The Era Of Autonomous Vehicles Has Arrived

Autonomous vehicles are no longer perpetually “five years away.” They are here now. Planners must act now to ensure they don't degrade city life.

1 minute read

May 14, 2024, 9:00 AM PDT

By Josh Stephens @jrstephens310

White Waymo self-driving taxi on street in San Francisco, California with brick buildings in background.

Waymo is available in San Francisco, Los Angeles, and Phoenix. | David Elkins / Adobe Stock

“For nearly as long as I've followed planning and transportation, the running joke, recited in conference sessions and at happy hours, has been that self-driving cars are at least five years away -- and always will be. But, no. A few days ago, I boarded an otherwise empty Jaguar I-Pace, festooned with sensors, and driven according to a dataset aggregating the wisdom gained from tens of millions of miles of driving.”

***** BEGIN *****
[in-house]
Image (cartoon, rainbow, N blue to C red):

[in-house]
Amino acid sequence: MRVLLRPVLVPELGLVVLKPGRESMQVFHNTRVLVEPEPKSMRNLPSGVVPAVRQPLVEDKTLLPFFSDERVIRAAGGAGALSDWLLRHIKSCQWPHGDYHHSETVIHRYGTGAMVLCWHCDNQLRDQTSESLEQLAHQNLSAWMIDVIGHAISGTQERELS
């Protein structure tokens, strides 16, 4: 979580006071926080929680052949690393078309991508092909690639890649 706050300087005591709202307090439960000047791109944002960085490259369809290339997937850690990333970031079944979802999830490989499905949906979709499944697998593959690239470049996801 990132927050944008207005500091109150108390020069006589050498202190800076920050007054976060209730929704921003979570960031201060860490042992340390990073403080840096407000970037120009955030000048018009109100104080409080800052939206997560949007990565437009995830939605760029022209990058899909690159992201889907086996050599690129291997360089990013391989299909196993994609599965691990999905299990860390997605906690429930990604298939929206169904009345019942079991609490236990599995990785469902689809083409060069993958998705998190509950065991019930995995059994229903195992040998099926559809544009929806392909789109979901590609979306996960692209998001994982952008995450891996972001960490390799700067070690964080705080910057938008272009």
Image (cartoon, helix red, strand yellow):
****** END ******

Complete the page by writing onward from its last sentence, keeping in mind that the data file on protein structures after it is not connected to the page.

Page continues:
Jevon's Paradox tell us that the more efficient something is, the more heavily it gets consumed. What does that mean for safe, affordable, carbon-lite transportation?

“Jevon will get jump-started when, inevitably, some developer in Hemet, Poway, Camarillo, or Pleasanton  builds huge houses on huge tracts of land and give away free Waymo memberships with each one of them. The discomfort of the hour or so it would take to reach downtown San Diego, Los Angeles, or San Francisco from the exurbs will give way to the pleasantries of reading, watching movies, getting foot massages, or whatever. Super-commuting could become robo-commuting, and we're going to have a huge traffic problem on our hands.”

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